In any organization—whether great good, satisfactory or “needs improvement”—there are always some islands of excellence. Some people find innovative ways to overcome the barriers that organizations often create so that they can form excellence in their area of responsibility. And with their persistent focus and attention, they can even maintain these isolated islands of excellence while they are surrounded by chaos or mediocre performance.
I recognized this phenomenon early in my career, and sought ways to identify what was different in these islands of excellence. What were the processes, policies, competencies and skill sets that gave them the ability to excel? Often, the person to whom they reported and certainly a majority of their colleagues either did not posses these qualities or were not motivated to achieve or maintain excellence in their departments or programs.
After studying these islands and determining their unique qualities, it became clear that this was an opportunity to share these learnings with other parts of the organization. Hence, my commitment to the identification of best practices and the development of a process to share these best practices among others in the company was created. I know this is the best way to move an organization from islands of excellence to a continent of excellence as quickly as possible so the brand and brand promise are clear and uniform throughout. It is so essential that an organization’s Journey to Excellence can be accelerated by eliminating the need to “reinvent the wheel.”
It is this learning and understanding that has resulted in CHRISTUS Health developing a formal methodology to foster sharing of and rewarding best practices from around our system. The cornerstone of this process is our Touchstone program and award ceremony. The development of best practices is encouraged throughout our system, and if certain benchmark criteria are met, the practice has sustained itself for a reasonable period of time and has fostered measurable and reportable outcomes, these practices can then be entered into the CHRISTUS intranet for review and sharing across our international system.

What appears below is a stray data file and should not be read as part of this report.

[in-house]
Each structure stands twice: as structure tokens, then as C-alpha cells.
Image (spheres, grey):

Each year, any best practice that has been submitted via the intranet by April 1 can be considered as a finalist in our Touchstone program. To accelerate the Journey to Excellence, each best practice must fit into one of our “four directions to excellence,” which are: clinical quality, service delivery, business literacy and community value. The finalists are reviewed by staff “reviewers” who utilize a uniform set of objective criteria to rank and rate them. These selections are done in a blinded fashion, so as to prevent any prior relationships from influencing this process. Then these best practices are reviewed by the appropriate Senior Leadership Team members (those who are considered the experts in each of the directions). This process results in naming finalists in each of the five categories.
The finalists are then submitted to the appropriate committees of our System Board of Directors, and the board members select the winners. (Specifically, the Quality committee of the board selects the clinical quality and service delivery winner, the Finance and Strategy committee selects the business literacy winner, and the Mission and Ethics committee selects the community value winner.) This process provides high-level recognition and credibility to the participants since their projects have been elevated not only to the CEO and senior leadership, but also to the international CHRISTUS Health System Board.
In addition, this gives the committees of our board a clear understanding of the excellence which the Associates and physicians of CHRISTUS Health are creating on our Journey to Excellence.
In order to stress the importance of this program, an awards ceremony is held annually in association with our September leadership retreat. It is formatted much like the Academy Awards, and is a time of celebration of the highest level within the CHRISTUS family in order to provide enormous energy for all Associates to create and submit best practices throughout the following year.
This year, on Sept. 20, we will be holding our seventh Touchstone awards ceremony, which means we have reviewed over 400 submissions, named over 120 finalists and selected 32 winners. I consider this a clear representation that the “continent of excellence” has evolved during CHRISTUS Health’s eight-and-a-half year history.
In order to stimulate sharing of best practices--which is the ultimate end goal of the Touchstone awards—in the second year of the program we added one more category, the spirit exchange award. We utilize this category to reward facilities that have “stolen” a best practice from another region and implemented it in their own, providing clear evidence of positive results. In addition, we obviously recognize the facility or group that originated the idea and submitted it on the intranet so that it could be viewed and taken to other locations. We are hoping that through this part of the program, we will encourage more and more best practices to be shared. One of the major criteria for winning in any of these five award categories is that the best practice must be easily replicated and transported to another location in almost a turn-key process.
In the end, an excellent organization must move as rapidly as possible to benchmark levels of performance, and it is clear that developing and sharing best practices is the ideal way to accomplish such. It is best if this can be done via a formal, operationalized program such as the one we have described, to not only align the incentives to develop these best practices, but also award the true winners and heroes of an excellent company in a very high level fashion.